Letters: Our overreliance on plastic (11/28/19)
Our overreliance on plastic
It’s fairly clear we will always have plastic in today’s world. But maybe we should be asking ourselves how badly we need that single-use bag or container. The visible trash and invisible microplastics are a detriment to the health of all the planet’s inhabitants. This isn’t a partisan issue; it’s a multicultural and worldwide problem that isn’t going away easily.
We might want to consider refusing plastic. Consider that one small grocery store in Durango uses 15,000 bags per day. Just one store! Just one day! Next time you shop, can you take a reusable bag? There are even free ones available in Durango made from old T-shirts. Anyone can make these bags.
Ultimately corporations must take responsibility for reduced and smart packaging. However, we can influence this through our purchasing power and grassroots demands.
This isn’t going to be easy, but we can do it for your future generations. For the planet.
Sarah Musil Burris, Durango
U.S. must fight climate change
Re: “60% of Superfund sites at higher risk in climate change … ,” Nov. 18 news story
Will floods that are a little bigger, sea-level rise that is inches or feet higher, wildfires that burn a little hotter and larger, or storm surge (from a little more powerful hurricanes) that goes a little further inland, overcome the protective barriers of Superfund sites? Although the Government Accountability Office has concerns, the Environmental Protection Agency ironically disagrees. Who is right? We may never know.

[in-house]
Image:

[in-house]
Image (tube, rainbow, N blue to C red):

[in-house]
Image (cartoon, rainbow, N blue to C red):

Reasonable actions to reduce climate change are needed. American society should demand a tax on fossil fuels to more readily decrease coal, oil and natural gas-induced carbon dioxide and climate warming. Revenues could be sent back to consumers to neutralize energy costs to consumers. Taking such actions would serve as a model for other countries to take on this global problem. America should lead by example.
Robert Brayden, Lakewood
I am a proud Denver native and live and work in the Denver-metro area. I’ve noticed what once was our beautiful city skyline become increasingly more obstructed by smog, often making it barely visible. I can’t help but compare our Colorado skies with those of L.A. Sadly, it seems like we are now another example of a city like Los Angeles, engulfed in pollution.
Although this new realization is grim, I try to remain optimistic and hopeful. I have started researching which elected officials are backing environmental solutions. I write this urging Coloradans not to support any candidate for U.S. Senate who does not strongly support solutions to our air quality and climate crisis. Our Colorado way of life has been threatened and we must speak up to protect our environment.
Justin Roybal, Denver